--In August 2005, the Parliament approved new legislation
centralizing issuance of residence/work permits for victims,
increasing their validity from six months to one year, and
mandating a "Reflection Period" for victims. (05 Athens 2113)

--In June 2005 the Ministry of Interior's National Center for
Public Administration and Local Government held a three-day
conference for prosecutors, judges, and police entitled "The
Role of Public Administration and the Judiciary System in
Combating Discrimination and Trafficking in Humans."

--In June 2005 the 11-country Ariadne anti-TIP NGO network
was established. (Ref 05 Athens 1626)

--In May 2005 the GoG supported a Training Seminar entitled
"Prevention and Counteracting of Trafficking in Human Beings
in the Mediterranean Region" organized by IOM Greece, IOM
Italy, the Italian MFA, and the Greek MFA, MOJ, MPO, MOH,
MOL, and SGGE. Speakers included TIP experts from IOs and
NGOs from Geneva, Tirana, Rome, Greece, Vienna, and Ankara.
Invitees to the Training Seminar were Greek NGOs, social
workers, police, prosecutors, and the diplomatic corps. The
Deputy Foreign Minister and nearly all members of the
Interministerial Council gave opening remarks.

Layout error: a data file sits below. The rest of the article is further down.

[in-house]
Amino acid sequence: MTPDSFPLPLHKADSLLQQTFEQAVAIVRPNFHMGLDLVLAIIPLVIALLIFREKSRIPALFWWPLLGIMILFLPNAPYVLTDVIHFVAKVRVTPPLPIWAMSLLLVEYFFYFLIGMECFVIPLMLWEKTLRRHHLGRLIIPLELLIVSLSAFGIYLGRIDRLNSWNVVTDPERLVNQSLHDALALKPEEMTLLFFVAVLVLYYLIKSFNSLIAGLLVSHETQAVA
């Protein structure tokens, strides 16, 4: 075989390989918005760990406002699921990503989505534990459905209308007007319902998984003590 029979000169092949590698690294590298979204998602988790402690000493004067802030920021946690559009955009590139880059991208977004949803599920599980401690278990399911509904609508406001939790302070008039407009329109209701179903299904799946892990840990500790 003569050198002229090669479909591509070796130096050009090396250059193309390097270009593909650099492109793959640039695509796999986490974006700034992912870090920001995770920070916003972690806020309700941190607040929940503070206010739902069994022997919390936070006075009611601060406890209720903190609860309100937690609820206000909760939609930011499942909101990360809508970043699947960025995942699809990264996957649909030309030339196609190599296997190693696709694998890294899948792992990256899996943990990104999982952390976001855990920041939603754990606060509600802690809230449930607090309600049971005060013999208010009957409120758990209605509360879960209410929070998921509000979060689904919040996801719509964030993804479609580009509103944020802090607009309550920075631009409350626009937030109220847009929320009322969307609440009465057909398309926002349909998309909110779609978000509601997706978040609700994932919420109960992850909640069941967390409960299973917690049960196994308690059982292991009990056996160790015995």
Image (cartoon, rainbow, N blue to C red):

--In May 2005, the Thessaloniki New Democracy Party's Women's
Section organized their second TIP seminar entitled "Women
and Trafficking in the Balkans." Speakers included the
Deputy Foreign Minister and MOH Secretary General.

Some NGOs complain that there is a lack of political will to
address TIP evidenced by low numbers of identified victims.
Based on the array of activities carried out by the GoG, only
some of which are shown above, it is the assessment of the
embassy that the government is demonstrating the political
will to continue to address this issue, by focusing not only
on the "benchmarks," but also on self-generated anti-TIP
initiatives and ideas.

TIP Trends in Greece


--NGOs and police agree that most victims trafficked to
Greece are women from former Soviet states, the Balkans and
Africa. These victims work in bars, brothels, and strip
clubs. In 2005, Greek law enforcement authorities and
prosecutors identified the following numbers and
nationalities of TIP victims: from Romania (53 victims),
Russia (28), Ukraine (12), Bulgaria (9), Nigeria (8), and